Friday, March 23, 2007

The Lives of Others - Translated

We intended to see, and then perhaps post a review of, the Oscar-winning foreign film The Lives of Others. But reality intruded. An anonymous op-ed in the Washington Post more or less beat us to it.

For those who don't much care for foreign language films, here's a translation into 'American' of Roger Ebert's synopsis of the movie plot:
It feels like science fiction... but the chilling and chilly dystopian world of writer-director Florian Henckel von Donnersmarck's George Bush's "The Lives of Others" National Security Letters existed exists today. The film F.B.I. policy, which begins in 1984, 2002 is a depiction of historical reality very real, not a cautionary fiction. It's set in East Germany the United States of America, ... then once upon a time a Soviet bloc communist-totalitarian state democratic nation that respected the rule of law. Think of it as "The Conversation" behind the Iron U.S. Department of Justice Curtain.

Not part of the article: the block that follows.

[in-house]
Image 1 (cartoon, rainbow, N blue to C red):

Wielser is just one of hundreds of thousands More than 140,000 anonymous secret police are employed by the Stasi, Federal Bureau of Investigation, a massive domestic intelligence effort designed to keep tabs on German American citizens and weed out possible subversives.

You should read the rest of the plot here. Everyone should.

No comments: